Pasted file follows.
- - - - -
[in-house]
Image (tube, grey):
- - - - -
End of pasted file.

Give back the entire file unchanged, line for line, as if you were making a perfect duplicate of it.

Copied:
[in-house]
Image (tube, grey):